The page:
The Liberals tried to turn the page on Justin Trudeau‘s blackface controversy — and one-up their main rivals — with policy announcements Sunday again aimed squarely at middle-class Canadian wallets.
The Conservatives promised more robust support for Canada’s veterans, while the NDP pledged billions in funding to curb the effects of natural disasters on communities.
Campaign-trail discussion largely shifted back to meat-and-potatoes policy after a steady diet of fallout from Trudeau’s blackface scandal.
Recently discovered images showing Trudeau in black or brown makeup at costume events before he entered politics had dominated the last few days of the campaign — offending many, raising questions about the Liberal leader’s judgment and throwing his party’s re-election efforts into disarray.
Trudeau trekked to a residential neighbourhood in the ethnically diverse Toronto suburb of Brampton, Ont., to announce he would make the first $15,000 of income tax-free for most Canadians if given a new mandate.
The Liberals would raise the basic personal amount by almost $2,000 over four years for people earning under $147,000 a year. It would save the average family $585 a year, Trudeau said.
The announcement follows a pledge from Conservative Leader Andrew Scheer to cut the tax rate on the lowest federal income bracket (up to $47,630) to 13.75 per cent from 15 per cent over four years, which the party says would save a two-income couple earning average salaries about $850 a year.
Trudeau contrasted his plan with Scheer’s by emphasizing Canada’s wealthiest one per cent would not benefit at all from the Liberal tax cut.
“Our plan lowers taxes the most for people who make less, gives the middle class some breathing room and ensures that the wealthy don’t get an extra hand up,” Trudeau said.
The Liberal leader also promised to cut cellphone bills by 25 per cent. He said he would encourage companies to reduce their bills by that amount over the next two years, and if they are unable to meet that target, the Liberals would introduce further competition.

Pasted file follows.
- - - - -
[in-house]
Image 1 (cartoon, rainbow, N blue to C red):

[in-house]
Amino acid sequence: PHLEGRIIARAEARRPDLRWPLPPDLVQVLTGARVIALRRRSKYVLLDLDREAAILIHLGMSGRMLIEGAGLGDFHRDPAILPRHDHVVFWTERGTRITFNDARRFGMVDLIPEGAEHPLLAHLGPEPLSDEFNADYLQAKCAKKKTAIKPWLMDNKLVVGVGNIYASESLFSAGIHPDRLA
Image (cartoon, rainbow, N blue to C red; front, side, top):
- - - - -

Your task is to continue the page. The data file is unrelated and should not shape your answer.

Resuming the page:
“Right now, Canadian cellphone plans are among the most expensive in the G7,” Trudeau said.
Rob Ghiz, president and CEO of the Canadian Wireless Telecommunications Association, said in a statement that wireless services have become less expensive in recent years.
“Wireless prices have already come down roughly 30 per cent over the past three years and they will continue to come down,” he said, referencing a recent report from the CRTC.
“As we enter a world of 5G it is critical that we encourage investment in network technology, the backbone of the Canadian economy. We need to balance driving affordability with investing long-term so Canadians continue to enjoy world-class networks.”
NDP Leader Jagmeet Singh, who has promised a price cap on cellphone and internet services as well as a telecom consumers’ bill of rights, chided Trudeau for promising to work with telecom firms.
“Again and again, Justin Trudeau says one thing to Canadians before the election but refuses to take on big corporations afterwards,” Singh said.
Scheer, meanwhile. ventured to Prince Edward Island to promise more support for veterans, hoping to reset the relationship between his party and the ex-military community after more than a decade of tensions with previous governments of all political stripes.
The Conservative leader said as prime minister he would clear a backlog of veterans’ benefit applications within two years and create a reliable pension system.
Scheer also promised to strengthen post-service transition supports, help more veterans get service dogs, enshrine in legislation a guarantee that every veteran is treated with respect and gets services in a timely manner and support commemoration projects such as the National Memorial for Canada’s War in Afghanistan.
“As prime minister I will take a personal interest in ensuring the commitments we made today are followed through on,” he said.
During a stop in Gatineau, Que., Singh pledged to add $2.5 billion to the federal government’s disaster mitigation fund. He said the idea is to help people — like those in west Quebec who recently faced severe flooding — avoid disasters and be able to stay in their current homes.
The national Disaster Mitigation and Adaptation Fund has already set aside $2 billion to support large-scale infrastructure programs that help communities better manage such risks.
The federal government says an increasing number of Canadian communities have experienced significant weather-related events and disasters triggered by natural hazards such as floods, wildland fires and droughts _ calamities that are becoming more frequent due to climate change.
Singh said “we can’t just close our eyes” to the prospect of more weather-related disasters.
Green Leader Elizabeth May had no big plans Sunday other than a fundraiser in Victoria.
Federal election promise tracker
May was in Winnipeg on Saturday to talk up her party’s plans to combat the opioid crisis by decriminalizing drug possession and improving social supports for people who use drugs.
Asked about the proposal Sunday, Scheer said while he would not recriminalize possession of small amounts of marijuana, the Conservatives think making other drugs legal is a bad idea.
This report by The Canadian Press was first published Sept. 22, 2019.
–With files from Kelly Geraldine Malone, Morgan Lowrie and Global News
© 2019 The Canadian Press